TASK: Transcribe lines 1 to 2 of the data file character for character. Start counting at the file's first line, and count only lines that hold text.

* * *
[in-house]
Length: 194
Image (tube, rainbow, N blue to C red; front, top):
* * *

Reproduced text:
[in-house]
Length: 194